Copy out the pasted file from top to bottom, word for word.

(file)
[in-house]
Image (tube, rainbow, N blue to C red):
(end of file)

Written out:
[in-house]
Image (tube, rainbow, N blue to C red):